Dynamic asymmetry of the vestibulo-ocular reflex in unilateral peripheral vestibular and cochleovestibular loss

Details

Serval ID
serval:BIB_22A16A6D04C7
Type
Article: article from journal or magazin.
Collection
Publications
Institution
Title
Dynamic asymmetry of the vestibulo-ocular reflex in unilateral peripheral vestibular and cochleovestibular loss
Journal
Laryngoscope
Author(s)
Maire  R., van Melle  G.
ISSN
0023-852X (Print)
Publication state
Published
Issued date
02/2000
Volume
110
Number
2 Pt 1
Pages
256-63
Notes
Journal Article --- Old month value: Feb
Abstract
OBJECTIVE: Rotatory tests in the horizontal plane have shown various degrees of vestibulo-ocular reflex (VOR) asymmetry in patients after surgical deafferentation of one labyrinth. The purpose of this work was to characterize dynamic horizontal VOR responses among patients presenting with a unilateral peripheral labyrinthine deficit of nonsurgical origin and to compare results in isolated vestibular loss versus cochleovestibular loss. STUDY DESIGN: This study included 40 patients who presented with an acute, spontaneous unilateral peripheral labyrinthine lesion. Twenty-two patients had vestibular loss alone (without associated hearing impairment) and 18 presented with a cochleovestibular deficit (sudden hearing loss with vertigo). The majority of these patients were part of a long-term protocol to evaluate vestibular compensation. METHODS: All patients underwent both the clockwise test and the counterclockwise rotatory test in the horizontal plane, using brief impulses of moderate intensity. Results were analyzed by a simplified model of vestibular function, allowing a parametric estimation of the response. RESULTS: A weak and transitory horizontal VOR asymmetry was observed in the 22 patients with vestibular loss. However, the 18 patients with cochleovestibular loss demonstrated a more severe and persistent asymmetry. CONCLUSIONS: This study revealed a difference in the dynamic characteristics of the horizontal VOR between patients with vestibular loss and those with cochleovestibular loss. Our results support the presence of an extensive labyrinthine lesion in cochleovestibular deficit that involves the otolith organs. The implications of this involvement on the central mechanisms of otolith-canal interaction are discussed.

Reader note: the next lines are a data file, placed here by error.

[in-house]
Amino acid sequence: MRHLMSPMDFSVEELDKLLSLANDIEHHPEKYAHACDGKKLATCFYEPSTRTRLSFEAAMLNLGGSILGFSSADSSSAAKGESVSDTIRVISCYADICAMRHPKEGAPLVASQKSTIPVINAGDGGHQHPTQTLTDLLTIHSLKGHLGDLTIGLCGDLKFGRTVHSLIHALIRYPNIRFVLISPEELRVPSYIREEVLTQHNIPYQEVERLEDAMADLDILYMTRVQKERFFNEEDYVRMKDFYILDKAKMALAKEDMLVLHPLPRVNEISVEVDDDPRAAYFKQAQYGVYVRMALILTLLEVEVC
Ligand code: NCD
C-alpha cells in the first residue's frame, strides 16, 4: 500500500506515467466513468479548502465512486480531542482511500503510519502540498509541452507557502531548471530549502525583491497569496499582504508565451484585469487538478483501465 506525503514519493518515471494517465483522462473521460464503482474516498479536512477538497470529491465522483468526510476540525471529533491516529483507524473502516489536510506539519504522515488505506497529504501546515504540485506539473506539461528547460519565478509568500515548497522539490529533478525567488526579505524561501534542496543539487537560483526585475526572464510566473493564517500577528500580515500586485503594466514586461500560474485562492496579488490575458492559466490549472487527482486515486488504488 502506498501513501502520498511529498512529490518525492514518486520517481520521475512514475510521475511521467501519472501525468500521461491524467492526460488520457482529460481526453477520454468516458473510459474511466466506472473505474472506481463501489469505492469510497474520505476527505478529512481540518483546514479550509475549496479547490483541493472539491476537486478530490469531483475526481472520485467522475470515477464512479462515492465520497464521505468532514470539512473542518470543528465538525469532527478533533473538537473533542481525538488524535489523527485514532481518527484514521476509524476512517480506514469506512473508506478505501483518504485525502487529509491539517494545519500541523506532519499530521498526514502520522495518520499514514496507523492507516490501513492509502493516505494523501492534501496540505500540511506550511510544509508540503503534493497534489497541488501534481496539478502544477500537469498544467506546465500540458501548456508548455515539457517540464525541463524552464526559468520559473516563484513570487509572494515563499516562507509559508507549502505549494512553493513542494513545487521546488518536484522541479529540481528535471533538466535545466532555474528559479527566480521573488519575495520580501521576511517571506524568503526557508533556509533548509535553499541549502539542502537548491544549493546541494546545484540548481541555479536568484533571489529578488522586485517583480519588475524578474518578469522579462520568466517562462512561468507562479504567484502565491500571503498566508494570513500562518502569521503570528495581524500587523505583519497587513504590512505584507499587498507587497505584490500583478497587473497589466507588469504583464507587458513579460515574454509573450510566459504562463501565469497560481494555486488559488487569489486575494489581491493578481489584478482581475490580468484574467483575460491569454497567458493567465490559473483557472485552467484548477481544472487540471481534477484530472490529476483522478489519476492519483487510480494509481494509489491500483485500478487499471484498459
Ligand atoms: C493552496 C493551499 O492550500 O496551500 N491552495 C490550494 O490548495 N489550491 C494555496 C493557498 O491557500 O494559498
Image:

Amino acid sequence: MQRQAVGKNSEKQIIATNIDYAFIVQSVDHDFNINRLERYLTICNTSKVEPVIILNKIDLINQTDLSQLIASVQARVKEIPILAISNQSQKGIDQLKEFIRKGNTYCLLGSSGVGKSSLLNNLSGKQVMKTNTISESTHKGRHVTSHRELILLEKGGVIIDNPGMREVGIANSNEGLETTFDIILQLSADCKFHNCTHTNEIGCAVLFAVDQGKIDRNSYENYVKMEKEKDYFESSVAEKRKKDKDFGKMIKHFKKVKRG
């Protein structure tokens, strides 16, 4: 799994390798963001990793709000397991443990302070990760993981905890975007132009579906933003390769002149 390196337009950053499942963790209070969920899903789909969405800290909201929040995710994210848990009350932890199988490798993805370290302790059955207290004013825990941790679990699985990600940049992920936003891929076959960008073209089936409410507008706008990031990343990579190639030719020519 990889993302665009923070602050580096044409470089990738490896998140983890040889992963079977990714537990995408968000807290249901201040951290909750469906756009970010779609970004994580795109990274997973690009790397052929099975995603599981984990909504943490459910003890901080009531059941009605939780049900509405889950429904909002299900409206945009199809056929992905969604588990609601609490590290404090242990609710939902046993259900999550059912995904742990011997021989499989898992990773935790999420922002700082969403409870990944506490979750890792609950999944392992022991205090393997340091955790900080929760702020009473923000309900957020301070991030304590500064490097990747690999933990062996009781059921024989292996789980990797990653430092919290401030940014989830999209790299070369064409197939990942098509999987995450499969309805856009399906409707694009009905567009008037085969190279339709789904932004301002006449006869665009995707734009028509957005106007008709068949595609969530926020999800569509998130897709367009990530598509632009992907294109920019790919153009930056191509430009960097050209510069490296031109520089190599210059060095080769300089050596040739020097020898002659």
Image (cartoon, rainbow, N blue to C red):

Keywords
Adult Aged Aged, 80 and over Cochlear Diseases/*physiopathology Electronystagmography Female Humans Male Middle Aged Otolithic Membrane Reflex, Vestibulo-Ocular/*physiology Rotation Vestibular Diseases/*physiopathology
Pubmed
Web of science
Open Access
Yes
Create date
25/01/2008 11:00
Last modification date
20/08/2019 13:00
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